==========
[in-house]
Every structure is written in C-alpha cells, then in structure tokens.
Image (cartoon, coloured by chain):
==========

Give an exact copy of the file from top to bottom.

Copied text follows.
[in-house]
Every structure is written in C-alpha cells, then in structure tokens.
Image (cartoon, coloured by chain):